- Getting Outcompeted
It’s called the “competitive landscape” for a reason – no matter how unique or original you think your idea is when you start a startup, sooner or later, you will be facing numerous competitors, all battling your business for customer wallet share. It might be a big company that spots what you’re doing and decides to use its superior firepower to blast you out of business or several smaller companies that emerge to try and kill you off with a thousand little bites. Either way, getting outcompeted was the fourth most common reason for startup failure, cited by 19% of CB Insights’ respondents.
As a spokesperson for children’s apparel delivery box service Mac & Mia (now defunct) told CB Insights: “Mac & Mia faced a host of competitors in the children’s delivery box space, including Stitch Fix, which launched its kids clothing service in 2018. Stitch Fix went public in 2017 and had a market cap of around $2.7 billion. At least 20 other upstarts have launched similar delivery services for children’s clothes.”
You can’t avoid competition when you start a startup – no business exists in a vacuum, and if you think you’re the “first and only” company to do what you do or offer what you offer, think again. The name of the game is instead to avoid being outcompeted by your rivals – and that means conducting competitive analysis.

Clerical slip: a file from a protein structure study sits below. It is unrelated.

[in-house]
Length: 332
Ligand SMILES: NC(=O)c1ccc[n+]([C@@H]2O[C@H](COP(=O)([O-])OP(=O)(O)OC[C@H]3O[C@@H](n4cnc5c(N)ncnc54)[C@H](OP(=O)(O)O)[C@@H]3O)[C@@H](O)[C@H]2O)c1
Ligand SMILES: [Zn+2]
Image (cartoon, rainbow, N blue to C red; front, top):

(Image source: mykopono.com)
A competitive analysis is a process of identifying precisely who your competitors are and evaluating their products, strategies, services, prices, and marketing messages to determine their strengths and weaknesses relative to your own business model. And if you really do think you’re the “first and only,” then perhaps you should build some extra room into your definition of “competitor.” Even if your target customers aren’t using a product or service exactly like yours to solve a problem, they’re probably using some kind of alternative – and the producer and seller of that alternative is a competitor for your business.